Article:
Company Strategies Vary When it Comes to Compensation

Sales management teams may have different strategies on how to fairly compensate employees in a way that maximizes company revenue, employee satisfaction and worker output. While doing so can be difficult, there are several methods that could be a balance of all three ideas.

The 2008 financial crisis had put a lot of pressure on companies to cut costs in an effort to stay afloat and ride out the storm. Though the recession is not completely over, a business may still want to employ a strategy that calls for a reconsideration of benefits that are given to employees.

Commission is usually the first issue that is addressed when it comes to compensation for salespeople, as many managers see this as the primary motivator to generating more business and lead generation.

Companies that employ 100 percent commission systems will likely see the exodus of their sales staff, as this lack of salary will deter even the most successful representatives due to the lack of security, according to

Another method that a company can use is an across-the-board salary cut, which applies equitable thinking to the idea of compensation. Employees are expected to suffer slightly in order to save everybody, and this system will likely lead to the best representatives leaving, reported the business website.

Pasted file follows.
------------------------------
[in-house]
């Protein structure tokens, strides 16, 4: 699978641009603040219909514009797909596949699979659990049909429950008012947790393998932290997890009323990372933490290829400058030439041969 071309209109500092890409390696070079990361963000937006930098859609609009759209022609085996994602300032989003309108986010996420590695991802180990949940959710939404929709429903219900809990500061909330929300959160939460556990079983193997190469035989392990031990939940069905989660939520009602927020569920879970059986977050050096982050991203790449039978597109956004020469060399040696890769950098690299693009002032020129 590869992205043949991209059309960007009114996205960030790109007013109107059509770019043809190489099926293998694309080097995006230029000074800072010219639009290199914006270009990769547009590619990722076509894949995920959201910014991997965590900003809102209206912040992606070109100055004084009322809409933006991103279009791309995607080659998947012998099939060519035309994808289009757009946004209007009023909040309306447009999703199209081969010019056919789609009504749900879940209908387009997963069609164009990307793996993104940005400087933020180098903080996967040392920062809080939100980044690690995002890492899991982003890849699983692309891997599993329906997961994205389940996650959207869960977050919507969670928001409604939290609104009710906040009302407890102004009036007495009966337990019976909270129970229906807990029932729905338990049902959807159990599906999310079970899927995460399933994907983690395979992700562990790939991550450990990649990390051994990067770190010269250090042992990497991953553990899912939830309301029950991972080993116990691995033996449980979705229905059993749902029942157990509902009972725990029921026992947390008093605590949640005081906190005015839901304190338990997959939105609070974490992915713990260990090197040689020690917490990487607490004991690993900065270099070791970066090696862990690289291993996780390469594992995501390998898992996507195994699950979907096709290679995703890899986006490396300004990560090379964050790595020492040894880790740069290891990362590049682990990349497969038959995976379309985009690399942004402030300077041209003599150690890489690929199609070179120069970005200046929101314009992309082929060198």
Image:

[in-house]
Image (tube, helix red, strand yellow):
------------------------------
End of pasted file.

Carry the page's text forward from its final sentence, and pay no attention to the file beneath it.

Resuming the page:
Sales management teams may also employ a strategy that exists somewhere in the middle of offering only commission and a version of revenue sharing that equates almost all of the employees. The best way to provide compensation can be to incentivize people to where you want them to go, said Barrett Riddleberger, the chief executive officer (CEO) of Resolution Systems, Inc., a sales training and consulting firm.

It may be wise to use a median basis for compensation, but it is necessary to note that each company may need to employ a different strategy. While incentivizing the number of phone calls may work for one business, it could produce a large conception of selling where none actually exists, as outgoing calls do not necessarily equal profit, according to the executive.

“Every company is unique,” noted Riddleberger. “Your products and services, cost of doing business, cost of customer acquisition, resources required for your salespeople all factor into how a comp plan should be structured.”